I realize that my last comment is semi-incoherent, so let me explain. Using the framework poised by Porter et. al. I am going to change the Shan-Chen processor for multi-component coupling to allow for the high viscosity ratio between the two fluids by scaling the interparticle force by rho. I was misinformed/incorrect in my previous comment so I thank you for reaching out.
I guess that what you want to increase isotropy is to use “extended” lattice. These are handled by “Descriptors” in Palabos (like the D3Q27descriptor is the d3q27 lattice).
Look at this presentation: https://www.youtube.com/watch?v=g_rGh3fS2Dg
I realizing I’m resurrecting an old post, but I’ve just gotten started with Palabos, and I’ve been trying to implement the Porter (2012) method as well. However, some of the advice given on looking at specific classes hasn’t really been helpful to me, (for example, being told to look at He Forcing, when that’s supposedly for 3D classes when I’m trying to implement a 2D version isn’t super clear to me.) Unfortunately, what seems obvious or clear to other people is definitely less so for me.
I need simulation with viscosity ratios at least three orders of magnitude for phase separation, and if anybody has a working version of Porter (2012), I’d love to see how they did it. If not, guidance would certainly be appreciated.
Some details on what I’ve done/what’s been going through my head so far:
On the input scripting side:
Assuming I ever manage to create a new forcing subclass, I have been modifying to the showCases\multicomponent2d\rayleighTaylor example, as that uses MC SC method. First, it’s unclear whether I need to change the descriptor “descriptors::ForcedShanChenD2Q9Descriptor” or not, if I am to use the “data processors”(?) within another forcing method. Seemingly, I need to change “new ExternalMomentRegularizedBGKdynamics<T, DESCRIPTOR>” to the MRT dynamics version, but it’s also not clear which MRT dynamics I should use. It’s also unclear to me whether the “integrateProcessingFunctional” generated later is required at all either. The documentation just says “look at the Allmodels2D example” but none of it feels clear to me how to go about modification.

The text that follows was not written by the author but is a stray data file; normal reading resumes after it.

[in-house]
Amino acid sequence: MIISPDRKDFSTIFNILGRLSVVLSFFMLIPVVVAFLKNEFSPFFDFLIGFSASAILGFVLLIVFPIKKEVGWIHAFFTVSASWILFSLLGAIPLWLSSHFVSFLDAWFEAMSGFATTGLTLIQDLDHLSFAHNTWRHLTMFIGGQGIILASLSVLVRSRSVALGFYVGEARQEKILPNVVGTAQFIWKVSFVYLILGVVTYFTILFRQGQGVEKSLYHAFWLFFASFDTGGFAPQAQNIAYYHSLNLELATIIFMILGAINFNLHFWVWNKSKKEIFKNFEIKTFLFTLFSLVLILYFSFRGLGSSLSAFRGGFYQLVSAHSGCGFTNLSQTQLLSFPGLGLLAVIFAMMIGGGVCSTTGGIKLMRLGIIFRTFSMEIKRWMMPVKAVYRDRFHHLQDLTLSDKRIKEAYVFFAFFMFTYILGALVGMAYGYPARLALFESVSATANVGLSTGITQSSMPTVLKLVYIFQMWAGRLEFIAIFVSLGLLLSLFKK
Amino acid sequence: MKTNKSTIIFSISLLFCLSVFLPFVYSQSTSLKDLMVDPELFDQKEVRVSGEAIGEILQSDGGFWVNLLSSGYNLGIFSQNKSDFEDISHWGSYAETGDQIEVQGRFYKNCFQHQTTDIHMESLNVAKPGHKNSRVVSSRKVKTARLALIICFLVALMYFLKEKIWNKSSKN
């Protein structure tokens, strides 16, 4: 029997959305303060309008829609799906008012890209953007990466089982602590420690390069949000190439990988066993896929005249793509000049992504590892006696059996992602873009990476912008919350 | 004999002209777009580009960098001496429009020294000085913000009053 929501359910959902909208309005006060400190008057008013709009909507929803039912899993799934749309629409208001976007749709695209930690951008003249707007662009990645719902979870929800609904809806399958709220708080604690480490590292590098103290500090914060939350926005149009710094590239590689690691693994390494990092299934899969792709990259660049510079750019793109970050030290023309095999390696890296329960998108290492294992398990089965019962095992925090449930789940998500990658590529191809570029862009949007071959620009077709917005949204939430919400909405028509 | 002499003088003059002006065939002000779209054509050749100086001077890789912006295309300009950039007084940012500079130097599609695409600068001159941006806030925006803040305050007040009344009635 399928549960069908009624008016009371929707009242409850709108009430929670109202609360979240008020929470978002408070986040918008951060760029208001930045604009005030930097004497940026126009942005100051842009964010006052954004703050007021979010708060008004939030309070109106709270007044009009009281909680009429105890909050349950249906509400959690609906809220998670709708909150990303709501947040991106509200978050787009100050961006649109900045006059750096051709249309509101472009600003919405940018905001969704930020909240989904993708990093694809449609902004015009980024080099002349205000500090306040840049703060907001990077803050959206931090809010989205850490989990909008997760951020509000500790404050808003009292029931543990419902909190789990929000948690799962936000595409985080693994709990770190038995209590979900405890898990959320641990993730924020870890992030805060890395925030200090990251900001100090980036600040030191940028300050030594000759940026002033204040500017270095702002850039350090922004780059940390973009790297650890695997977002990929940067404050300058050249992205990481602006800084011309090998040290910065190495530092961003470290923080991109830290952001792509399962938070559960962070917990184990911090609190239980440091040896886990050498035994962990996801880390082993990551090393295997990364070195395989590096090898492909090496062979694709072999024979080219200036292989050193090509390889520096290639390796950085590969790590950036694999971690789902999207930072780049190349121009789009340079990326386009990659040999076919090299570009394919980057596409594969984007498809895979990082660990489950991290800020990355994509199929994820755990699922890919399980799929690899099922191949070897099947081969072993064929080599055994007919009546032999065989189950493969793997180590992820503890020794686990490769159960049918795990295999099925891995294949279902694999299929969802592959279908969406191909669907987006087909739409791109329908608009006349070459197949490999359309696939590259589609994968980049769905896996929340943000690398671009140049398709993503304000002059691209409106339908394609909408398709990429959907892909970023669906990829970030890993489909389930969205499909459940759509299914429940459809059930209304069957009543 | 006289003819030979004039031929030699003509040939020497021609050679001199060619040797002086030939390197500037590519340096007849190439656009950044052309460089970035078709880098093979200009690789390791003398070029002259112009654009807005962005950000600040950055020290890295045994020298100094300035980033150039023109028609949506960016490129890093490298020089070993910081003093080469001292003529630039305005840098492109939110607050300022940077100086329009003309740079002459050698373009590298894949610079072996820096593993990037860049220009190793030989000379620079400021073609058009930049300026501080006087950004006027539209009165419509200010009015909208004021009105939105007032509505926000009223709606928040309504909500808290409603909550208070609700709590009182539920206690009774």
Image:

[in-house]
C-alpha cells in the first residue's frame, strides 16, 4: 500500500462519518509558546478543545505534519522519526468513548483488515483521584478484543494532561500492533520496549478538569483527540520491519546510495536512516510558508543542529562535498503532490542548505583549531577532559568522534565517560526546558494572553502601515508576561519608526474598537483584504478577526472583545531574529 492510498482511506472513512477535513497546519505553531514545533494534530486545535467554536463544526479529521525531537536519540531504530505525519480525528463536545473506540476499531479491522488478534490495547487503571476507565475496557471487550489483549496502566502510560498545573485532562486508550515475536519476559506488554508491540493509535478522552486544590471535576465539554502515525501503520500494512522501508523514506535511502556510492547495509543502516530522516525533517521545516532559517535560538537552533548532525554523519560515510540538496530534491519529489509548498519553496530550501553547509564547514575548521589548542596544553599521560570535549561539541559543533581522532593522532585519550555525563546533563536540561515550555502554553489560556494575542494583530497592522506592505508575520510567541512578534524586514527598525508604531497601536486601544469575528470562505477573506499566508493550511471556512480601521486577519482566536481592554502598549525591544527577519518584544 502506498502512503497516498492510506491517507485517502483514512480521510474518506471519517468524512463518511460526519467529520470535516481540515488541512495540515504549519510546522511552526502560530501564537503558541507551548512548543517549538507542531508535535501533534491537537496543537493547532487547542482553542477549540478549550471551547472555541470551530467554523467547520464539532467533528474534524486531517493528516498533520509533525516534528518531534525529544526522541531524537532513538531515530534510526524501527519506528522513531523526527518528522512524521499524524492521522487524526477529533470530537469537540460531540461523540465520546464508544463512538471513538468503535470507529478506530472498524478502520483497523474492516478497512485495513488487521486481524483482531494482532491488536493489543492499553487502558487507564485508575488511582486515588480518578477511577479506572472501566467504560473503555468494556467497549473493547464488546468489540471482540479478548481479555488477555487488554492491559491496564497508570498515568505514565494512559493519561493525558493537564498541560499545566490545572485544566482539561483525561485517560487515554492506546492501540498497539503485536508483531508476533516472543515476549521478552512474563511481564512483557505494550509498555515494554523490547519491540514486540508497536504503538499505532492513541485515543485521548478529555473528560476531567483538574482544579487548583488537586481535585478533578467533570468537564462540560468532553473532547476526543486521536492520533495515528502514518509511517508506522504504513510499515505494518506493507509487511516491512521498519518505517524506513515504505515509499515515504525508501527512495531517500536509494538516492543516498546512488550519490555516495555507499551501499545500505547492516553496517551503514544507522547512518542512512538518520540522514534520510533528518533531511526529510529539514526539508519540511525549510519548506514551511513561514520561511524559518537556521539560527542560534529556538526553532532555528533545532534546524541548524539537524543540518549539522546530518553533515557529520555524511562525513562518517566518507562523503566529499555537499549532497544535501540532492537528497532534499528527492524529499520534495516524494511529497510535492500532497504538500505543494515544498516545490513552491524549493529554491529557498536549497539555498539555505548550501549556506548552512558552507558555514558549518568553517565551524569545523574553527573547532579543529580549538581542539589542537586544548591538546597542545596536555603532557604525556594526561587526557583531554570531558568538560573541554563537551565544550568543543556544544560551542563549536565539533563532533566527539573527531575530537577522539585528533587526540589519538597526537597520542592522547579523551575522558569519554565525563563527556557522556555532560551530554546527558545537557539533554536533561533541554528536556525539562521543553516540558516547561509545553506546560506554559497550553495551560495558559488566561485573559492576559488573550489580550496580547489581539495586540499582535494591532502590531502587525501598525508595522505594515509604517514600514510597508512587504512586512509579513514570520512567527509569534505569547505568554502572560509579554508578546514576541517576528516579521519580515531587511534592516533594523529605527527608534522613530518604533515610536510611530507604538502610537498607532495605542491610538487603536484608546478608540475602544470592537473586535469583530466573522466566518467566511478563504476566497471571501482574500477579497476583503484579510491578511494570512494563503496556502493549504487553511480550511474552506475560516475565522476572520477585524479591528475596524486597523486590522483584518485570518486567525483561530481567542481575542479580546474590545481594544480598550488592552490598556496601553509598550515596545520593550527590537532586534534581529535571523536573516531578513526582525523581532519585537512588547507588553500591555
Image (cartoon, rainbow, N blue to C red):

On the source code side:
I’m even less clear here what I should be doing. Presumably, I need to 1) create my own descriptor? At bareminimum, create a class that inherits from ForcedMRTdynamics, I’m guessing? And this class needs to have its own collide and equilbrium methods? What’s also confusing me is that the ShanChen MC processor found in “ShanChenProcessor2D.hh” also has a process method where what appears to be an explicit forcing term is calculated and applied to momentum. Do I need to code that too in this subclass? Or do I need to make a separate processor?
I have more questions, but that should give a good idea of where I’m at. Thanks to anyone who can help out!
The documentation isn’t particular clear what to change